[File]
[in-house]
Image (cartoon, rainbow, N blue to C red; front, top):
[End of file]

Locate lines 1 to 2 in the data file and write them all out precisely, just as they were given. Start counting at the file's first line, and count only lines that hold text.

[in-house]
Image (cartoon, rainbow, N blue to C red; front, top):